Government of Pakistan must protect National Commission for Human Rights
15 May 2017 2:45 pm

(Bangkok/Kathmandu/Islamabad, 15 May 2017) – Bytes for All, Pakistan (B4A), the Asian Forum for Human Rights and Development (FORUM-ASIA), the Asian NGO Network on National Human Rights Institutions (ANNI), and other undersigned organisations express deep concern and condemn an incident during a parliamentary committee meeting, which undermines the independence of the National Commission for Human Rights (NCHR) of Pakistan. The undersigned organisations offer strong solidarity and support to the Commission and its members, especially the Commission Member from Islamabad, Mr. Chaudhry Mohammad Shafique.

On 12 May 2017, DAWN[1] reported that a complaint was filed with the Speaker of the National Assembly, Mr. Ayaz Sadiq by the Member of the National Assembly (MNA), Ms. Zahra Wadood Fatmi, against Mr. Shafique, member of the NCHR, on 11 May 2017. Ms. Fatmi alleged that she was embarrassed by the NCHR member, when he disagreed with her on government policy. Ms. Fatmi alleged that Mr. Shafique contradicted her during a lunch and questioned the ability of the Government and State to counter terrorism during an official visit to the USA.

The NCHR is Pakistan’s premier National Human Rights Institution constituted by Parliament. The Commission’s independence, including that of its staff, is ensured under Section 16 of the NCHR Act, 2012. This guarantees it can function without political interference or other bias, and be independent from any Government institution, or any other functionary or body directly or indirectly representing the interests of any such entity.

The passing of the NCHR Act of 2012, which led to its establishment in 2015, has been one of the most important achievements of the Government of Pakistan, since it pledged adherence to the Paris Principles at the UN World Conference on Human Rights in Vienna in 1993. Although, at the time of the passing of the NCHR Act, the institution’s mandate was significantly compromised, when the country’s armed forces and intelligence agencies were granted immunity from the NCHR, it still remains a critical component, as it autonomously strives towards preventing all forms of human rights violations in Pakistan.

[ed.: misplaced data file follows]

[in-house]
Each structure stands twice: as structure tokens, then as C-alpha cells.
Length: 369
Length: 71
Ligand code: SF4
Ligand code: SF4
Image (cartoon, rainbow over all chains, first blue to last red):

Adhering to its international obligations, it is the duty of the Government of Pakistan to fully enable the NCHR to remain independent and able to work to restore and protect human rights in Pakistan, and to have its own voice in these efforts.

We strongly condemn any overt or covert act to undermine the independence of the commission, and demand the following from the Government of Pakistan:

  1. Take action against the maligning of human rights activists and institutions in the name of national interest;
  2. Reinforce the importance and mandate of the NCHR in Parliament;
  3. Adhere to the Paris Principles;
  4. Facilitate for the NCHR to remain well resourced, independent, and effective;
  5. Enhance the mandate of the NCHR to be able to hold all government institutions accountable, so that none remain above the law; and
  6. Prioritise the enforcement of actions prescribed by the NCHR in order to improve the state of human rights in Pakistan.

Statement signed by:

  1. Bytes for All, Pakistan
  2. Asian Forum for Human Rights and Development (FORUM-ASIA)
  3. Asian NGO Network on Human Rights Institutions (ANNI)
  4. Democratic Commission for Human Development
  5. National Commission for Justice and Peace
  6. National Human Rights Defenders Network, with 250 human rights organisation across Pakistan
  7. Women in Struggle for Empowerment
  8. Association of Women for Awareness and Motivation